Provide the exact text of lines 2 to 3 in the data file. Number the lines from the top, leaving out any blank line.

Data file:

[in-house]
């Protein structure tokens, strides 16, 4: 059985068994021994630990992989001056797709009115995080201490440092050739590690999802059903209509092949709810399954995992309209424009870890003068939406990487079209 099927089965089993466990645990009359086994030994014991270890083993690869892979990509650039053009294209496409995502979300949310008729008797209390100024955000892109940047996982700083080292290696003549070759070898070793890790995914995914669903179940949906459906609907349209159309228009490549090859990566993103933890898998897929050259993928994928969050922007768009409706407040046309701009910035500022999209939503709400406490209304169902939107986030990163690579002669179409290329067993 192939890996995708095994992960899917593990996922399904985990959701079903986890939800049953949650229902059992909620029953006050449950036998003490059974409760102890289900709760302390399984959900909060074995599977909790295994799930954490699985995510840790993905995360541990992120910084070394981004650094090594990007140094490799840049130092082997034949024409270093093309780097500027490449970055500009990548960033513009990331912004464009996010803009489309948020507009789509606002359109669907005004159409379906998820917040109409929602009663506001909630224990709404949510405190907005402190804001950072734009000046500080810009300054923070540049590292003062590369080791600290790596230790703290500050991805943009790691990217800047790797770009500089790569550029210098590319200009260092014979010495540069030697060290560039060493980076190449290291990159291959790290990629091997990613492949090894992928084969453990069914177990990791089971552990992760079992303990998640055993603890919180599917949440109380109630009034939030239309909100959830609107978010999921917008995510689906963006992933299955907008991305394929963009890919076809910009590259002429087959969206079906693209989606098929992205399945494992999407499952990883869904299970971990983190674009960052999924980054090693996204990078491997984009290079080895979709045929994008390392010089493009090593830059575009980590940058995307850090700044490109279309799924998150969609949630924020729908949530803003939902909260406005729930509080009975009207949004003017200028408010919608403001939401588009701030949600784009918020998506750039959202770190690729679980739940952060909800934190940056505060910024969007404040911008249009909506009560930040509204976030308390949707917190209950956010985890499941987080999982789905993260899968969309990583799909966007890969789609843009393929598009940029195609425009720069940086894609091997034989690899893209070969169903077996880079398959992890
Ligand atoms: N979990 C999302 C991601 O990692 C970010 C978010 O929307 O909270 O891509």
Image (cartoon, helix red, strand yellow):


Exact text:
């Protein structure tokens, strides 16, 4: 059985068994021994630990992989001056797709009115995080201490440092050739590690999802059903209509092949709810399954995992309209424009870890003068939406990487079209 099927089965089993466990645990009359086994030994014991270890083993690869892979990509650039053009294209496409995502979300949310008729008797209390100024955000892109940047996982700083080292290696003549070759070898070793890790995914995914669903179940949906459906609907349209159309228009490549090859990566993103933890898998897929050259993928994928969050922007768009409706407040046309701009910035500022999209939503709400406490209304169902939107986030990163690579002669179409290329067993 192939890996995708095994992960899917593990996922399904985990959701079903986890939800049953949650229902059992909620029953006050449950036998003490059974409760102890289900709760302390399984959900909060074995599977909790295994799930954490699985995510840790993905995360541990992120910084070394981004650094090594990007140094490799840049130092082997034949024409270093093309780097500027490449970055500009990548960033513009990331912004464009996010803009489309948020507009789509606002359109669907005004159409379906998820917040109409929602009663506001909630224990709404949510405190907005402190804001950072734009000046500080810009300054923070540049590292003062590369080791600290790596230790703290500050991805943009790691990217800047790797770009500089790569550029210098590319200009260092014979010495540069030697060290560039060493980076190449290291990159291959790290990629091997990613492949090894992928084969453990069914177990990791089971552990992760079992303990998640055993603890919180599917949440109380109630009034939030239309909100959830609107978010999921917008995510689906963006992933299955907008991305394929963009890919076809910009590259002429087959969206079906693209989606098929992205399945494992999407499952990883869904299970971990983190674009960052999924980054090693996204990078491997984009290079080895979709045929994008390392010089493009090593830059575009980590940058995307850090700044490109279309799924998150969609949630924020729908949530803003939902909260406005729930509080009975009207949004003017200028408010919608403001939401588009701030949600784009918020998506750039959202770190690729679980739940952060909800934190940056505060910024969007404040911008249009909506009560930040509204976030308390949707917190209950956010985890499941987080999982789905993260899968969309990583799909966007890969789609843009393929598009940029195609425009720069940086894609091997034989690899893209070969169903077996880079398959992890
Ligand atoms: N979990 C999302 C991601 O990692 C970010 C978010 O929307 O909270 O891509």